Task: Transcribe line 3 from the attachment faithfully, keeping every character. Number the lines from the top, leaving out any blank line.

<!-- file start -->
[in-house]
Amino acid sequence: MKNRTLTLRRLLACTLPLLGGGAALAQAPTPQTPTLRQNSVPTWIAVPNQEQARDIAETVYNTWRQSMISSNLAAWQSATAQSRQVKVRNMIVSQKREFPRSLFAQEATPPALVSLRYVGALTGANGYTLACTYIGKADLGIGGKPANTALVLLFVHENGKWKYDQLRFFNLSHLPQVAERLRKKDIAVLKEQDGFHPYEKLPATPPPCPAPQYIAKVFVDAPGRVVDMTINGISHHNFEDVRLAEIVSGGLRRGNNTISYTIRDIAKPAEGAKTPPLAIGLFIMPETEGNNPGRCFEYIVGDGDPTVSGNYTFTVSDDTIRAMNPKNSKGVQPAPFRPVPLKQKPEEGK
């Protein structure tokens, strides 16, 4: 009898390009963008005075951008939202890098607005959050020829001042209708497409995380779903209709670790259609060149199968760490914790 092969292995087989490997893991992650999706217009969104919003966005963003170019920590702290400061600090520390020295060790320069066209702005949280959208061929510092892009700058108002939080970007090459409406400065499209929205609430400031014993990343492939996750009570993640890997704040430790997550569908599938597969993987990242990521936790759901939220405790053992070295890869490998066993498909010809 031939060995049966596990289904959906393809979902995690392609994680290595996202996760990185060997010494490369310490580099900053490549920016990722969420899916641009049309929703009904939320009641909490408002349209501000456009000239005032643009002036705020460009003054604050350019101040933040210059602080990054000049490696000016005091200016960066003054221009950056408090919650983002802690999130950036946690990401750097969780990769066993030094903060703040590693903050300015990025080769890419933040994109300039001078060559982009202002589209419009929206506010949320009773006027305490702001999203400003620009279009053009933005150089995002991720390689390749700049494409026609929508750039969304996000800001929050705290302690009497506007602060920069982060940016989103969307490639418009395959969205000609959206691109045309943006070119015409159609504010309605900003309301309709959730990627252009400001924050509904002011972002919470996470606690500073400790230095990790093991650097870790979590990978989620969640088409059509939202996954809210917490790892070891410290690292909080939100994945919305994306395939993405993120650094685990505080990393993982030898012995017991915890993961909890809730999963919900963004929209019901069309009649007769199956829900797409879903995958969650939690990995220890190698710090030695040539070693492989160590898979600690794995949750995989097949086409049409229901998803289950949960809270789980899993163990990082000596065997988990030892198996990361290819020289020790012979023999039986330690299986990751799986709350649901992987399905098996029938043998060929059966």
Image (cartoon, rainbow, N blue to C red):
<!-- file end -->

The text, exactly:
């Protein structure tokens, strides 16, 4: 009898390009963008005075951008939202890098607005959050020829001042209708497409995380779903209709670790259609060149199968760490914790 092969292995087989490997893991992650999706217009969104919003966005963003170019920590702290400061600090520390020295060790320069066209702005949280959208061929510092892009700058108002939080970007090459409406400065499209929205609430400031014993990343492939996750009570993640890997704040430790997550569908599938597969993987990242990521936790759901939220405790053992070295890869490998066993498909010809 031939060995049966596990289904959906393809979902995690392609994680290595996202996760990185060997010494490369310490580099900053490549920016990722969420899916641009049309929703009904939320009641909490408002349209501000456009000239005032643009002036705020460009003054604050350019101040933040210059602080990054000049490696000016005091200016960066003054221009950056408090919650983002802690999130950036946690990401750097969780990769066993030094903060703040590693903050300015990025080769890419933040994109300039001078060559982009202002589209419009929206506010949320009773006027305490702001999203400003620009279009053009933005150089995002991720390689390749700049494409026609929508750039969304996000800001929050705290302690009497506007602060920069982060940016989103969307490639418009395959969205000609959206691109045309943006070119015409159609504010309605900003309301309709959730990627252009400001924050509904002011972002919470996470606690500073400790230095990790093991650097870790979590990978989620969640088409059509939202996954809210917490790892070891410290690292909080939100994945919305994306395939993405993120650094685990505080990393993982030898012995017991915890993961909890809730999963919900963004929209019901069309009649007769199956829900797409879903995958969650939690990995220890190698710090030695040539070693492989160590898979600690794995949750995989097949086409049409229901998803289950949960809270789980899993163990990082000596065997988990030892198996990361290819020289020790012979023999039986330690299986990751799986709350649901992987399905098996029938043998060929059966």